>A look at Banaue, the town

>Now that we’ve seen it all, it’s time to go back to Manila. Our clothes and packs are dirty and smelly. Little did we know they would still never properly dry. I am currently headed back to the ship with a bag full of moldy clothes.

Here are some photos from around the town.

Another breakfast

A view from above

In the grocery store, the only kind of cheese available is Filipino cheese, and it’s in individual packets.

Surprised to see Canadian salmon

And some interesting veggies. I think one is squash leaves, which seem to be popular as an item for sale, although I have yet to see an actual vegetable dish.

Sweet Rice cakes for sale, much like the rice given to me by the lady at the Ifugao hut.

We get caught in a thunderstorm and stop for a coffee.

That is the coffee. I am learning to check everything for ants and was relieved to see I could make it myself.


Again, pigs for sale. The timing is probably good now to buy a nice fat pig for Christmas.

I have talked about “Moma,” the stuff they chew. It is the combination of tobacco, lime and a betel nut. They spit it on the ground and it makes a big red mess everywhere. Hard work stepping around it. Some towns have tried to ban the spitting of it, but some tribes have complained that this is discriminatory.

This guys lips are stained from it. It used to be an Ifugao mark of beauty to have red lips and teeth from chewing Moma.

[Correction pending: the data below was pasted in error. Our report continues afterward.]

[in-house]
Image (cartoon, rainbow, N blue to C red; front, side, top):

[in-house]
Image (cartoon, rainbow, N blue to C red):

Note the sign on the steps. These signs are everywhere.

The town square, jeepney and Tricycle central. Banaue is not much to look at.

Sometimes english jokes are only funny to the natives unless you picture it in their accent.

Here we are in front of our much hated Sanafe Lodge. Don’t stay there. They will lock you out or in at 8 pm.

We have a very long bus ride back to Manila. We thought it would arrive 2 am but really it arrived 6am. We bought lots of treats, including Pinipig Loaded, now with 50% more pinipig. That’s my ice cream in the picture. Turns out I wasn’t too grateful for the extra pinipig. Also we have Buko pie, which is young coconut pie. It is a good idea, but they really don’t do pastries right around here.

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